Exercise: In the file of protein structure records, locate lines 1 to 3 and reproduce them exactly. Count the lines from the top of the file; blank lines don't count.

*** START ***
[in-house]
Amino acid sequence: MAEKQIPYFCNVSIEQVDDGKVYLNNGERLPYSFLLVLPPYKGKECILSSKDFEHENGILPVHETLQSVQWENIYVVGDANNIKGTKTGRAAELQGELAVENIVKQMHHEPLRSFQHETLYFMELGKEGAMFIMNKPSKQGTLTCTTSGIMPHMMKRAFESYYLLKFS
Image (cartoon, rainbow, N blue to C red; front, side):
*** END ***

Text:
[in-house]
Amino acid sequence: MAEKQIPYFCNVSIEQVDDGKVYLNNGERLPYSFLLVLPPYKGKECILSSKDFEHENGILPVHETLQSVQWENIYVVGDANNIKGTKTGRAAELQGELAVENIVKQMHHEPLRSFQHETLYFMELGKEGAMFIMNKPSKQGTLTCTTSGIMPHMMKRAFESYYLLKFS
Image (cartoon, rainbow, N blue to C red; front, side):